How Often Should I Worm My Horse & What Type of Wormer Should I Use?

Updated November 21, 2016

Your horse's age and health can determine which wormers you should use. You also must consider your location and your horse's pasture situation---for example, how many horses are grouped together. Three types of worming programs are available.

Oral Broad-Spectrum Worming

These products are designed to be given orally to your horse, usually in paste form, and kill a wide variety of parasites in different stages of their life cycles. If you decide to use this option, you should worm your horse three times a year, beginning in the spring. For example, you could worm your horse in April, then in August, and again in December. Ivermectin is the key ingredient used in most broad-spectrum wormers. This is a simple program to use, and can be effective for healthy horses in low-risk situations. A horse that does not graze with a large number of horses each day, and whose pastures are rotated regularly and kept clean would be a candidate for this treatment.

Rotational Worming

This program will use different forms of oral wormers, which are then given to the horse in intervals throughout the year. It is effective in treating multiple types of worms, and can target certain worms---such as tapeworms---in order to make sure they are taken care of. This method also discourages the parasites from building up an immunity to any one type of wormer, and is effective at keeping all types of worms at bay.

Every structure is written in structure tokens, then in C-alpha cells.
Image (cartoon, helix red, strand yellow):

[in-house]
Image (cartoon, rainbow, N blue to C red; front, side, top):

If you decide to use this method, you can cycle two or three types of wormers---either an Ivermectin-based wormer with a pyrantel pamoate-based wormer, or those two with a fenbendazole-based product added. Your horse will get wormed every other month. For example, you may give it the Ivermectin-based product in April, August and December, and then give it the pyrantel pamoate-based product in February, June and October. If you decide to use all three wormers, you may give it the Ivermectin-based wormer in April and October, the pyrantel-pamoate-based wormer in February and August, and the fenbendazole-based wormer in June and December.

You may also use a different type of wormer---Fenbendazole-based, Ivermectin-based, Pyrantel Pamoate-based, oxibendazole-based, and moxidectin-based---and alternate them throughout the year, using a different type of wormer every other month.

Continuous Worming

You could feed your horse a daily wormer. Simply add it to its daily feed. This type of wormer usually comes in pellet form, and is an easy way to keep up with parasite control. However, you should still give your horse an oral broad-spectrum wormer twice a year to ensure that all parasites are being taken care of.


If you believe your horse is already infected with worms, talk to your veterinarian before beginning a worming regimen. This is important because ridding your horse's system of too many worms at one time can be harmful to the animal. Do not use a moxidectin-based wormer on horses that are either young or weak; an overdose can be very harmful to them.

Talk to your veterinarian and, if you board your horse, the stable owner or manager before choosing a worming program.

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